If you’re an international shipper, freight rates are important to you. How much you pay to import and export your goods is a big factor for your bottom line.
2011 was a great year for international shippers, especially those importing to the U.S. from China. Overcapacity pushed ocean freight rates down. Many were able to take advantage of the trend to increase profits as they worked in international business.
While these lower freight rates were great for international shippers, they weren’t good for carriers. The low freight rates of 2011 caused huge losses for carriers.
Here in 2012, carriers have been imposing general rate increases along with other freight rate hikes to turn things around. The strategies of the carriers to increase ocean freight rates have been effective. Freight rates on importing and exporting shipping containers have been going up.
International shippers who have been in the game long can’t be surprised by the lower freight rate trend turning in the opposite direction. Ocean freight rates are volatile, commonly increasing and decreasing.
Yet for carriers, getting freight rate trends moving in an upward direction is important for simply returning their industry and businesses to profitability.
But can carriers maintain their trend of increasing freight rates?
There are experts saying no.
A short Journal of Commerce (JOC) article by Mike King focuses on head of Asia shipping research for Macquarie Capital Securities, Janet Lewis’ opinion that carriers’ own actions are the biggest risk for keeping them from maintaining freight rate recovery.
What is that behavior?
Failure to maintain good capacity management. Overcapacity was the biggest factor in seeing dropping freight rates in 2011. In any business when supply exceeds demand, prices drop. If carriers can’t keep control of capacity, freight rates will inevitably drop.
Idled ships being brought back into the shipping lanes is a threat to carriers ability to maintain freight rates that will give them profitability. In 2010, carriers docked ships and managed to recover from a period of lower freight rates than they could afford.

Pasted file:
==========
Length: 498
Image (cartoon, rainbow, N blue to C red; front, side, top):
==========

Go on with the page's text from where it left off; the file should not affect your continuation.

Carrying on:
But Janet Lewis doesn’t seem to think the carriers are using that kind of discipline to effectively maintain their freight rate recovery. The JOC article says:
“in contrast to the rate recovery of 2010, when some 12 percent of the fleet was laid up, at present most idled vessels are not in cold lay-up but instead fully crewed and positioned to return to the fleet when carriers add new strings for the spring-summer season.”
On top of that, carriers have been ordering and introducing mega-ships that far exceed the capacity of any container ships in history.
Does all this mean freight rates will be dropping soon?
Janet Lewis believes whether or not freight rates will reach a height that returns carriers to profitability depends on the upcoming actions of the carriers.
Ocean freight rates are affected by many factors. Oil bunkers, economies of developed and developing countries, and shipping industry labor are a few that can have an affect. But capacity is absolutely one of the biggest factors.
Carriers certainly seem poised to add capacity through mega ships, reintroducing idled ships, and adding new services to the ocean trade routes. While I expect to see the upward trends continue for a little while, I wouldn’t be surprised by a turnaround to lowering freight rates.